How to Choose the Best Studio Headphones for Music
Anyone that’s looked for a pair of professional studio headphone for music recently knows that there are hundreds, if not thousands, of different models available. How do you choose the right ones for you? Basically it comes down to features so let’s explore how to choose the best studio headphones for your needs.
Types of Headphones
For the sake of this thing, I’m going to assume that you are looking for headphones and not in-ear monitors designed for live use. We’ll save those for another time. But when choosing headphones, the first thing you need to consider is the environment in which you’ll be using your headphones. Professional studio headphones usually come in two varieties: open-back and closed-back.
Open-back headphones are generally lightweight and very comfortable. They are designed to sit gently on or over the ear. The important thing to understand about open-back headphones is that they offer very little noise isolation.
So not only can outside noise interfere with your listening, but you may also encounter situations where what you are listening to leaks out of the headphones and is heard by others.
Closed-back headphones are designed so that the ear-cups cover the ears completely to provide a seal that helps to block outside noise. Obviously, these would be better for any listening situation where there was a lot of noise going on around you that you want to block out.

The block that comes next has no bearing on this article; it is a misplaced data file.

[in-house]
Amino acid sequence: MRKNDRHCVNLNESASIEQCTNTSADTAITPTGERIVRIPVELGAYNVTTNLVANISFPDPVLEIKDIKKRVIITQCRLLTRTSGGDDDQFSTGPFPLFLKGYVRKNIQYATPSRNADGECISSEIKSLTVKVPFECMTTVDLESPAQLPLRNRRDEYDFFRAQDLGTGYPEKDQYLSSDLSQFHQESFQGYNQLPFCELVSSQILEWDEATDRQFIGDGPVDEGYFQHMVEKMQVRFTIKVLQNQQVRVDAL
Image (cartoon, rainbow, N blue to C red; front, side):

While we’re on the subject of noise, I want to touch on noise-canceling headphones. These are a special type of headphones that use electronic methods to literally cancel outside noise so it doesn’t interfere with your listening experience.
It sounds like a great idea, and it is. However, the electronic method that most of these headphones use to cancel outside noise affects their sound quality. For casual listening, they are just fine but I would never use them for professional, critical listening situations.
Other Features to Consider
Professional audio headphones can be a serious financial investment. When you make that sort of investment you want to be able to fix them if something should break. The two main things that break or deteriorate over time on headphones are the cable and the ear pads. I wouldn’t invest in any pro headphones that didn’t offer detachable/replaceable cables and ear pads.
The specification that most directly affects headphone sound quality is the size of the drivers. Each earpiece has at least one, if not two, drivers. In general, the larger the driver, the better the overall sound quality professional audio headphones usually have the driver in the range of 45mm.
This is more of a convenience thing but I also look for headphones that are easy to carry. Collapsible headphones are a little more portable than non-collapsible. They can more easily fit into gig bags and backpacks and just tend to last longer.